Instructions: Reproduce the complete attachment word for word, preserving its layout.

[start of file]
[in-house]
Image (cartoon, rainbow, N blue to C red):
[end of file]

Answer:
[in-house]
Image (cartoon, rainbow, N blue to C red):